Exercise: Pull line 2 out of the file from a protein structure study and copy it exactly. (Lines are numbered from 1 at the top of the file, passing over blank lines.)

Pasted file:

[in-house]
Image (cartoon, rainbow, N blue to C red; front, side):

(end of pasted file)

Image (cartoon, rainbow, N blue to C red; front, side):